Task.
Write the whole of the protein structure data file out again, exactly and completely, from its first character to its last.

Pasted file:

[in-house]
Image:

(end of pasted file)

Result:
[in-house]
Image: